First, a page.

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Principal Investigator(s): CBS News
This poll, conducted November 10-12, 2000, is a call-back poll following a poll conducted November 1-4, 2000. It is part of a continuing series of monthly surveys that solicit public opinion on the presidency and on a range of political and social issues. Views were sought on President Bill Clinton and his handling of the presidency and whether the country was going in the right or wrong direction. Prior to the 2000 presidential election, respondents were asked how much attention they paid to it, the likelihood that they would vote, whether their mind was made up, whom they would vote for (Democrat Al Gore, Republican George W. Bush, Reform Party candidate Pat Buchanan, or Green Party candidate Ralph Nader), who they expected to win, and whether it made a difference who was elected president. Opinions were solicited on George W. Bush and Al Gore, and the likelihood that each candidate would maintain a strong national economy, improve education, correctly handle an international crisis, preserve Social Security, and appoint pro-choice Supreme Court Justices. Questions were posed regarding how much respondents had heard or read about George W. Bush's 1976 drunk driving arrest, whether it would make a difference in their vote, and whether Bush should have made this information public earlier in his campaign. Following election day, respondents were polled on whether they had voted, which presidential candidate they had voted for, how closely they followed the election results, if the closeness of the election made them regret not voting or wish they had voted for another candidate, and the seriousness of the mistakes made by network television in reporting the election results. Several questions addressed whether the Electoral College should be kept or eliminated, whether the winner of the electoral vote or the popular vote had a more legitimate claim to the presidency, and whether a candidate who won the Electoral College vote but not the popular vote could effectively lead the country. Opinions were solicited on how George W. Bush and Al Gore were handling the uncertain outcome of the presidential election, whether either candidate was placing politics above the good of the country, whether Palm Beach County, Florida, should have a re-vote, how confident respondents were that their own votes were counted properly, and whether the country's uncertainty over its next president was a serious problem. Background variables include sex, age, ethnicity, length of residency, income, marital status, religion, education, labor union membership, number of telephone lines, whether they were children in the household, political orientation, political party affiliation, and voter registration and participation history.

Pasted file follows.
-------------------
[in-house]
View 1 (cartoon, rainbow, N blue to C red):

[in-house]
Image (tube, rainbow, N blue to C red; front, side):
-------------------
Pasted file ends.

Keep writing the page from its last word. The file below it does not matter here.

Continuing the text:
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CBS News. CBS NEWS POST ELECTION CALL-BACK POLL, NOVEMBER 2000. ICPSR version. New York, NY: CBS News [producer], 2000. Ann Arbor, MI: Inter-university Consortium for Political and Social Research [distributor], 2004. http://doi.org/10.3886/ICPSR03236.v1
Persistent URL: http://doi.org/10.3886/ICPSR03236.v1
Scope of Study
Subject Terms: Buchanan, Pat, Bush, George W., campaign issues, Clinton, Bill, contested elections, election forecasting, election returns, Electoral College, Gore, Al, Nader, Ralph, national elections, political campaigns, presidency, presidential candidates, presidential elections, presidential performance, public opinion, vote recount, voter attitudes, voting behavior
Geographic Coverage: United States
Date of Collection:
Universe: Adult population of the United States aged 18 and over having a telephone at home.
Data Types: survey data
Data Collection Notes:
(1) The data contain weight variables that should be used for analysis. (2) The codebook is provided by ICPSR as a Portable Document Format (PDF) file. The PDF file format was developed by Adobe Systems Incorporated and can be accessed using PDF reader software, such as the Adobe Acrobat Reader. Information on how to obtain a copy of the Acrobat Reader is provided on the ICPSR Web site.
Sample: A variation of random-digit dialing using primary sampling units (PSUs) was employed, consisting of blocks of 100 telephone numbers identical through the eighth digit and stratified by geographic region, area code, and size of place. Within households, respondents were selected using a method developed by Leslie Kish and modified by Charles Backstrom and Gerald Hursh (see Backstrom and Hursh, SURVEY RESEARCH. Evanston, IL: Northwestern University Press, 1963).
Original ICPSR Release: 2005-02-18
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